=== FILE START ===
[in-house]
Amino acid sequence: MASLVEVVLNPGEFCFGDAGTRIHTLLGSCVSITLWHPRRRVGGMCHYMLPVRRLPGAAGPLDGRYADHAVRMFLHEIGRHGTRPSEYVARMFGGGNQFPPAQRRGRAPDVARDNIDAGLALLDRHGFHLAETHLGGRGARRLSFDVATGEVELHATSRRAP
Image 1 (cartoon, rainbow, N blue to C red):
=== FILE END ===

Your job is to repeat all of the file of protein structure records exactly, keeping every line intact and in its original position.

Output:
[in-house]
Amino acid sequence: MASLVEVVLNPGEFCFGDAGTRIHTLLGSCVSITLWHPRRRVGGMCHYMLPVRRLPGAAGPLDGRYADHAVRMFLHEIGRHGTRPSEYVARMFGGGNQFPPAQRRGRAPDVARDNIDAGLALLDRHGFHLAETHLGGRGARRLSFDVATGEVELHATSRRAP
Image 1 (cartoon, rainbow, N blue to C red):